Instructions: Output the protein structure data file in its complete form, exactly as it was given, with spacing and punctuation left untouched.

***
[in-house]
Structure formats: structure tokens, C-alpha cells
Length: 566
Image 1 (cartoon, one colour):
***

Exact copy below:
[in-house]
Structure formats: structure tokens, C-alpha cells
Length: 566
Image 1 (cartoon, one colour):